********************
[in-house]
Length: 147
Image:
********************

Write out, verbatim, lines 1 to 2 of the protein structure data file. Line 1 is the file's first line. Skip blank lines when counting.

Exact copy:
[in-house]
Length: 147